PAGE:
Daily Archives: June 24, 2010

Wisdom Personified, Mother of the Word

In The Wisdom of Jesus Sirach (c. 200 BCE), Wisdom is personified twice, in chapters one and 24.

Sirach 1

1: All wisdom cometh from the Lord, and is with him for ever.
2: Who can number the sand of the sea, and the drops of rain, and the days of eternity?
3: Who can find out the height of heaven, and the breadth of the earth, and the deep, and wisdom?
4: Wisdom hath been created before all things, and the understanding of prudence from everlasting.
5: The word of God most high is the fountain of wisdom; and her ways are everlasting commandments.
6: To whom hath the root of wisdom been revealed? or who hath known her wise counsels?
7: [Unto whom hath the knowledge of wisdom been made manifest? and who hath understood her great experience?]
8: There is one wise and greatly to be feared, the Lord sitting upon his throne.
9: He created her, and saw her, and numbered her, and poured her out upon all his works.

Sirach 24

1: Wisdom shall praise herself, and shall glory in the midst of her people.
2: In the congregation of the most High shall she open her mouth, and triumph before his power.
3: I came out of the mouth of the most High, and covered the earth as a cloud.
4: I dwelt in high places, and my throne is in a cloudy pillar.
5: I alone compassed the circuit of heaven, and walked in the bottom of the deep.
6: In the waves of the sea and in all the earth, and in every people and nation, I got a possession.
7: With all these I sought rest: and in whose inheritance shall I abide?
8: So the Creator of all things gave me a commandment, and he that made me caused my tabernacle to rest, and said, Let thy dwelling be in Jacob, and thine inheritance in Israel.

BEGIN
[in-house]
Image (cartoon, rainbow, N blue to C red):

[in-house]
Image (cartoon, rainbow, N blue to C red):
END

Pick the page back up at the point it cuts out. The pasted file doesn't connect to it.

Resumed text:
9: He created me from the beginning before the world, and I shall never fail.

At Sirach 1:4 the genesis of Wisdom is described much as it is at Prov 8:22.
Like Prov 8, in Sirach 24 Wisdom tells us that she “came forth from the mouth of the Most High, the first-born before all creatures.” Wisdom also keeps souls from sin (Sir 24:22).

Of course, Philo personified the word (of God) as the Logos, and claimed the same thing – that the Logos keeps people from sin 200 years later:

And the same is the case with regard to the soul, the good things, namely food, he gives to men by his power alone, but those which contain in them a deliverance from evil, he gives by means of his angels and his Logos.”

– Philo, Allegorical Interpretaion III (178)

Philo even says that Wisdom gave birth to the Logos.

And the divine Logos, like a river, flows forth from wisdom as from a spring, in order to irrigate and fertilize the celestial and heavenly shoots and plants of such souls as love virtue, as if they were a paradise.

On Dreams Book 2, (242)

Philo calls the Logos (word or reason) the firstborn of god's creation, the son of god, a mediator between humans and god, the mind of god (compare with 1 Cor 2:16), a heavenly mediator of sins (apparently in “De Agricultura Noe,” § 12 and “De Profugis,” § 20 but I can’t find those online anywhere. Which is really annoying because Philo didn’t even write in Latin yet they’ve given them Latin titles…).